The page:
Tennessee closed out the 2016 recruiting cycle strongly, signing 3 out of the 4 biggest remaining targets on the recruiting big board-- safety Nigel Warrior, cornerback Tyler Byrd, and defensive end Jonathan Kongbo. The only target of note to escape the Vols was five-star high school defensive tackle Derrick Brown who signed with Auburn despite tweeting Rocky Top lyrics during his official visit to Knoxville last week. But what about the rest of the SEC East and permanent rival Alabama? How did Tennessee fare compared to the teams that the Vols face year-in and year-out?
Comparing recruiting numbers across the board
|Team||Number of Commits||Number of Four- and Five-Stars||% Blue Chips||Overall Ranking||SEC Ranking||Average Player Ranking|
Looking at the aggregate numbers, there's a very clear breakdown between the elite and also-rans among the Vols' opponents, although an argument could be made for both an upper-upper class composed of Alabama and Georgia, and a middle class containing South Carolina and Kentucky. However, sticking with a two-tiered approach, the upper tier of Alabama, Georgia, Florida, Tennessee, and Texas A&M all managed to finish in the top-25 recruiting classes nationally and signed double digits (or in the Gators' case, close to double digits) blue chip recruits. The lower tier, made up of the rest of the SEC East, finished with less than half the average number of blue chip recruits and significantly lower average player rankings. Although Missouri hired new head coach Barry Odom and Vanderbilt finally managed to win an SEC game under Derek Mason, neither team was able to gain any traction in recruiting, with both schools finishing well under their 5-year recruiting averages.
Butch Jones and the New Standard on Rocky Top
|5-year recruiting ranking||13
|Signing Day class movement||+8|
|Blue Chip ratio||48%|
|Key recruits||4* S Nigel Warrior, 4* CB Marquill Osborne, 4* JUCO DE Jonathan Kongbo|
|2015 F+ ranking||18|
For the last two years, Tennessee fans have entered National Signing Day free from stress and worry, as Butch Jones and the Tennessee recruiting staff long ago locked down top-ten classes. This year, however, much of the Vols' recruiting class remained uncertain up to the last minute, with Tennessee coaches finally able to breathe a sigh of relief only after the highest rated overall junior college prospect four-star defensive end Jonathan Kongbo sent in his Letter of Intent. With a furious closing push, the Vols were able to make the most of a small recruiting class, flipping four-star cornerback Tyler Byrd and three-star wide receiver Latrell Williams from Miami, keeping four-star safety and Vol legacy Nigel Warrior away from Alabama, and getting a recommitment from the aforementioned Jonathan Kongbo.
Outlook: Not only did Tennessee sign a class with an almost 50% Blue Chip ratio, the Vols managed to stockpile talent at crucial positions (quarterback, running back, defensive back) without needing immediate contributions from most of the incoming recruits. As noted by both Will (2016 Recruiting: Icing on the Cake) and Joel (Vols Graduate to Stockpiling Talent), the Vols have finally reached a point where coaches can concentrate on building depth and grooming players for the future rather than worrying about filling starting roles. There's no position on the roster that illustrates the bounty of talent that Tennessee has amassed more than the offensive line, where the Vols can expect to redshirt at least two of three incoming recruits Ryan Johnson, Marcus Tatum, and Nathan Niehaus. In Butch Jones' first three years in Knoxville, coaches were struggling to find enough players to simply fill out the two-deep.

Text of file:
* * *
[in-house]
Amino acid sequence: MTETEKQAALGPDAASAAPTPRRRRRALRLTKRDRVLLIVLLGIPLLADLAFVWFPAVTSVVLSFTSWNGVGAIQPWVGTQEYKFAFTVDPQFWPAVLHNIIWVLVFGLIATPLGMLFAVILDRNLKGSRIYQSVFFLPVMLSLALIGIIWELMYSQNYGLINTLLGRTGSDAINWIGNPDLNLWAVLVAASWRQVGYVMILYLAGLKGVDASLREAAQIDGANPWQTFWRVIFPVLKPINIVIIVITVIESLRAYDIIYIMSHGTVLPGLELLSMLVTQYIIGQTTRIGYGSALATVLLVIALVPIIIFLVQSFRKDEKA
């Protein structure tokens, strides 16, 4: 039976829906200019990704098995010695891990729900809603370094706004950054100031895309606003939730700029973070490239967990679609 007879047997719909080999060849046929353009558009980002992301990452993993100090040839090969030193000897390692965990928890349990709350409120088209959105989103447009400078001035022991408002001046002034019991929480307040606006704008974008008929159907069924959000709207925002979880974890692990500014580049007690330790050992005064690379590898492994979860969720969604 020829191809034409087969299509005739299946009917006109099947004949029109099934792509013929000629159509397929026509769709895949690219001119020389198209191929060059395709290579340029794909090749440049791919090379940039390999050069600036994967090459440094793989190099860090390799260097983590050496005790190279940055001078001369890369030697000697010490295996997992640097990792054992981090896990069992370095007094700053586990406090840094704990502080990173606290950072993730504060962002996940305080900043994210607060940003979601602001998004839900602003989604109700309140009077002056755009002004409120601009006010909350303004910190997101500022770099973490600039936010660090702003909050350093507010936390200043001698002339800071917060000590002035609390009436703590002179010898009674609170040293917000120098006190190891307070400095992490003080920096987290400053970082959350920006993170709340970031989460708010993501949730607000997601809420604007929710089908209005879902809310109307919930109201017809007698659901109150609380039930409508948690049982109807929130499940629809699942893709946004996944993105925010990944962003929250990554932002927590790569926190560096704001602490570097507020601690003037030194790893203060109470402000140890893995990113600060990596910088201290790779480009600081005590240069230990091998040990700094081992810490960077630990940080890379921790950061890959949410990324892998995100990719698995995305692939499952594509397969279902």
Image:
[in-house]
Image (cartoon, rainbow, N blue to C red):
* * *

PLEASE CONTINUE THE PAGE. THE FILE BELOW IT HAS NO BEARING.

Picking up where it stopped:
For those already thinking ahead to the 2017 recruiting class, expect the Vols to concentrate on multiple high school defensive linemen and running backs. Tennessee whiffed on top targets Derrick Brown (5* DT, Auburn), Tony Clayton (4* DE, Florida), and Jordan Smith (4* DE, Florida) in the 2016 class, and rather than reach further down the board, coaches opted not to sign any high school defensive linemen. It's possible that Incoming outside linebackers Daniel Bituli and Ja'Quain Blakely could potentially grow into weakside defensive ends, but given the wealth of defensive line talent in Virginia, North Carolina, and Georgia in the 2017 class, Tennessee is likely to sign at least 4 if not 5 high school linemen.
Grade: A. The Vols signed a very good collection of talent, but missing on so many elite defensive linemen doesn't merit an A+.
Division Opponents: The SEC East
|5-year recruiting ranking||6
|Signing Day class movement||+1|
|Blue Chip ratio||65%|
|Key recruits||5* QB Jacob Eason, 5* ATH Mecole Hardman, 5* TE Issac Nauta|
|2015 F+ ranking||30|
In most cases, the first recruiting class under a new head coach is a hastily assembled collection of holdover recruits from the former regime, flips from other schools, and more lightly regarded recruits thrown last minute offers. That's not exactly what happened at Georgia this cycle, where new head coach Kirby Smart added a bevy of highly ranked recruits to the already star-studded bunch who pledged to former head coach Mark Richt. The Bulldogs took advantage of an unusually good year in-state, pulling in three five-star recruits and ten four-star recruits to finish with a ridiculous 65% Blue Chip Ratio, bested only by Alabama's 70% ratio.